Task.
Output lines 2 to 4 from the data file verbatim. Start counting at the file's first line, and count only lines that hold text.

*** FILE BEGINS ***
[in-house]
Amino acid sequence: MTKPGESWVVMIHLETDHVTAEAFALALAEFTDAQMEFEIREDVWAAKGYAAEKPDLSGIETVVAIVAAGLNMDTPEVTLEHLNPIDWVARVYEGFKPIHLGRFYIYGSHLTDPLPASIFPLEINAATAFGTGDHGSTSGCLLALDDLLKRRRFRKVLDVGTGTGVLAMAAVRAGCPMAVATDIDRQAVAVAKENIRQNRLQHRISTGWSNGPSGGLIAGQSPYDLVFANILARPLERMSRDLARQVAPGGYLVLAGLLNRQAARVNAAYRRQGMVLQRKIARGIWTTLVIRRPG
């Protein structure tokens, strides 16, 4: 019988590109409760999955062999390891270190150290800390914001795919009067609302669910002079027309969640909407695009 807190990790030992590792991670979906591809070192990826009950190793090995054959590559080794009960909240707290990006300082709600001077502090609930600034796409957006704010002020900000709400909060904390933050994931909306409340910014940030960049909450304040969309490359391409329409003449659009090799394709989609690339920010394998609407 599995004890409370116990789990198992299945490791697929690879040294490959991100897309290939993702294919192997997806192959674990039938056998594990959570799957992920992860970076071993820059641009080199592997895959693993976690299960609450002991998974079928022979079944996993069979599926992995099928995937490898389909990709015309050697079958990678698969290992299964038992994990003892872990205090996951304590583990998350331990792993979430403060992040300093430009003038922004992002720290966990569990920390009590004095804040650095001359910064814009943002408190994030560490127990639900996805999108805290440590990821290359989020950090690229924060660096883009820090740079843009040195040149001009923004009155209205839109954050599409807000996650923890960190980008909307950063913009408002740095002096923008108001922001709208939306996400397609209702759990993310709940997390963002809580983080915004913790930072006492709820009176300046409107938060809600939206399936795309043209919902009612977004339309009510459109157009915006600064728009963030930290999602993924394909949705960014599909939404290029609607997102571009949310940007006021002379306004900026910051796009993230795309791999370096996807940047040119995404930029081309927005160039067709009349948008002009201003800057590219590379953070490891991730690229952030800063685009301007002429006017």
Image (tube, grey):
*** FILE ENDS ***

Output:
Amino acid sequence: MTKPGESWVVMIHLETDHVTAEAFALALAEFTDAQMEFEIREDVWAAKGYAAEKPDLSGIETVVAIVAAGLNMDTPEVTLEHLNPIDWVARVYEGFKPIHLGRFYIYGSHLTDPLPASIFPLEINAATAFGTGDHGSTSGCLLALDDLLKRRRFRKVLDVGTGTGVLAMAAVRAGCPMAVATDIDRQAVAVAKENIRQNRLQHRISTGWSNGPSGGLIAGQSPYDLVFANILARPLERMSRDLARQVAPGGYLVLAGLLNRQAARVNAAYRRQGMVLQRKIARGIWTTLVIRRPG
């Protein structure tokens, strides 16, 4: 019988590109409760999955062999390891270190150290800390914001795919009067609302669910002079027309969640909407695009 807190990790030992590792991670979906591809070192990826009950190793090995054959590559080794009960909240707290990006300082709600001077502090609930600034796409957006704010002020900000709400909060904390933050994931909306409340910014940030960049909450304040969309490359391409329409003449659009090799394709989609690339920010394998609407 599995004890409370116990789990198992299945490791697929690879040294490959991100897309290939993702294919192997997806192959674990039938056998594990959570799957992920992860970076071993820059641009080199592997895959693993976690299960609450002991998974079928022979079944996993069979599926992995099928995937490898389909990709015309050697079958990678698969290992299964038992994990003892872990205090996951304590583990998350331990792993979430403060992040300093430009003038922004992002720290966990569990920390009590004095804040650095001359910064814009943002408190994030560490127990639900996805999108805290440590990821290359989020950090690229924060660096883009820090740079843009040195040149001009923004009155209205839109954050599409807000996650923890960190980008909307950063913009408002740095002096923008108001922001709208939306996400397609209702759990993310709940997390963002809580983080915004913790930072006492709820009176300046409107938060809600939206399936795309043209919902009612977004339309009510459109157009915006600064728009963030930290999602993924394909949705960014599909939404290029609607997102571009949310940007006021002379306004900026910051796009993230795309791999370096996807940047040119995404930029081309927005160039067709009349948008002009201003800057590219590379953070490891991730690229952030800063685009301007002429006017």
Image (tube, grey):